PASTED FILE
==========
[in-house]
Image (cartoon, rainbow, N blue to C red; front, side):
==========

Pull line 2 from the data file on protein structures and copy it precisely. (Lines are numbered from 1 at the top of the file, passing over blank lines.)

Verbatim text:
Image (cartoon, rainbow, N blue to C red; front, side):